It's just a little metal spring mechanism and a clasp that
comprises a safety pin, but this tiny piece of metal can help you
in an emergency. A safety pin may not save a life, but it will save
the day! Below are some hacks for using a safety pin for survival
and convenience...

How to Use a Safety Pin for Survival
Have a safety pin with you in your Every Day Carry! How will you
use a safety pin to survive? Here are ideas to get you thinking
about how to use a safety pin for survival.

It's safe to use a safety pin for survival:

#1: Fasten fabric together.
An obvious use of a safety pin is to fasten fabric together on the
fly, such as for fixing a hem or closing the area of a lost button.
Safety pins are used in quilting, too. Right is a durable all-steel
set of heavy safety pins with nickel finish that hold up to wear
and machine washing.

Back in the day there was a "loincloth pin" or a cloak pin,"
pictured immediate right to secure pieces of fabric. Eventually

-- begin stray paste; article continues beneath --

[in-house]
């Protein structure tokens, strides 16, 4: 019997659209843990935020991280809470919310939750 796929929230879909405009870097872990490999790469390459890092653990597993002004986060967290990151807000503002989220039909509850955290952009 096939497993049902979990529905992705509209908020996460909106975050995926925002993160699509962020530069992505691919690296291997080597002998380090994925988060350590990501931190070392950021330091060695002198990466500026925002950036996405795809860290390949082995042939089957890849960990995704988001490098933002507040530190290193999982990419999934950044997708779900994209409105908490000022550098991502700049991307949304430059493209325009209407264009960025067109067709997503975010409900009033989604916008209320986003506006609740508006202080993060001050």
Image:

pins for the purpose received a "safety" clasp to guard the skin
from being poked and mother's began using them for cloth
Today's cloth diapers use buttons or velcro. Did you know
safety pin ingestion by infants is commonplace?

#2: Get out the gunk.
Use a safety pin as a tool to get out the gunk. Sometimes you
need a pointy end to scrape away:

  • Remove remnants from the garlic press. Use the sharp
    point of safety pin to remove the stuck pieces of garlic from
    the garlic press.

  • Get out the dirt from under your nails. If your nails aren't
    long enough to get at the dirt under your nails, a safety pin
    can help. Sterilize it first with rubbing alcohol or hydrogen
    peroxide in case you accidentally pierce your skin.

  • Create a makeshift toothpick. Get out food that's stuck
    from between your teeth as you would a toothpick. You may
    as well add a safety pin to your dental medic kit.

#3: Create an instant fish hook.
Lots of mini-survival kits include safety pins along with fishing